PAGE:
And you’re right. Those techniques are great! If you’re using an icon font, you should definitely follow their recommendations to the letter.

But you probably won’t.

What you’ll probably do is adopt whatever your framework of choice has bundled, or drop in some massive free icon font you can use right away. You won’t modify how they work out of the box because that’s really hard to prioritize, especially when they look great on your monitor with virtually no effort at all.

Or maybe you will do the work, designing and curating a custom icon font, choosing your Unicode characters carefully, documenting and evangelizing the importance of implementing your icons in an accessible way with appropriate fallbacks. Then one day, Dave forgets to add a fallback image to that iconographic button he added (which looks great, by the way), which Roberta reuses for her related Pull Request, and before you know it, your app has devolved into a fragile, hack-littered wasteland once more.

These examples are not hypothetical (though names have been changed to protect the innocent). I’ve seen them happen to multiple organizations, all of them starting with the best possible intentions.

SVG is awesome for icons! It’s a vector image format with optional support for CSS, JavaScript, reusability, accessibility and a bunch more. It was made for this sort of thing.

But I hear a lot of excuses for why teams avoid using it, even for brand-new projects. Here are a few…

They totally can. There are even really great tools like svg-sprite and IcoMoon that can help automate that process.

Usually when I hear this, the team’s comparing a single binary icon font to multiple, uncompressed SVG files. The gap narrows dramatically when you optimize your SVGs, combine reusable ones into sprites, and deliver those with active Gzip compression or embedded in-page.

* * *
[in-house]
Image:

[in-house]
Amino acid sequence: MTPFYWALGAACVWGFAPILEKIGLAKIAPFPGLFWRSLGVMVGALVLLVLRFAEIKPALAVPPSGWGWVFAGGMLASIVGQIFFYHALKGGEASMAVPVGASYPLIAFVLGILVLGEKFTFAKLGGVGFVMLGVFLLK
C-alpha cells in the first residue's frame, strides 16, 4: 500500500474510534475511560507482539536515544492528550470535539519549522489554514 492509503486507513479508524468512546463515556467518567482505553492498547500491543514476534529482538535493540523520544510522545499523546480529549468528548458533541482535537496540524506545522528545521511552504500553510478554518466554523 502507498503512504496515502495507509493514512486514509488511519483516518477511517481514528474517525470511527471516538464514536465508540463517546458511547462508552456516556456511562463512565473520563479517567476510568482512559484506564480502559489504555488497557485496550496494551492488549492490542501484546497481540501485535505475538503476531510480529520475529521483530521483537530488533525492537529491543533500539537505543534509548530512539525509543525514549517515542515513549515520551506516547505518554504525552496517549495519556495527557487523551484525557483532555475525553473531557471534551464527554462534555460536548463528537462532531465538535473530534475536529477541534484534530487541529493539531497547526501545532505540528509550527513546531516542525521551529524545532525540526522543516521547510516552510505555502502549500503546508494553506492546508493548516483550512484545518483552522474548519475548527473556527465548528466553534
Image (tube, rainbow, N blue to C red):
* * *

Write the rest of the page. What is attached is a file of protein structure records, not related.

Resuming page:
Occasionally I’ve heard the gap is still too wide when hundreds of icons are included. This begs the question: Why are you including hundreds of icons on every page?

Let’s compare:

<!-- Typical @font-face icon: -->
<span class="icon icon-search" aria-hidden="true"></span> <!-- Typical SVG icon: -->
<svg class="icon"> <use xlink:href="path/to/icons.svg#search"/>
</svg>

The SVG markup is barely more verbose, and way more descriptive and semantic than some empty, ARIA-hidden <span> element.

As of this writing, global support for SVG is up to 96%… 4% higher than the same stat for @font-face. Plus, SVGs are way more accessible and their fallbacks are much more straightforward.

If your framework told you to jump off a bridge, would you?

I was in school when the Web Standards movement hit critical mass. While the majority of my instructors saw the merits of semantic markup and embraced it wholeheartedly, one passionately held out. “Table Guy” argued that no layout tool could usurp <table>, that it was inherently better-suited for crafting grid-based designs. He boasted of how quickly and easily he could achieve the “Holy Grail” layout with his trusty table cells. He cited the wealth of cross-browser inconsistencies that continued to plague CSS.

Table Guy and I kept in touch. Today, he freely admits he was wrong about CSS. He feels embarrassed to have been so married to a technique that was so clearly misappropriated in hindsight.

If you won’t stop using icon fonts for people with screen readers, people with dyslexia, people with browsers that don’t support @font-face, people who randomly didn’t load the icon font once for some reason, or designers who just want their icons to look right on-screen…

Then do it for yourself. Don’t be Table Guy.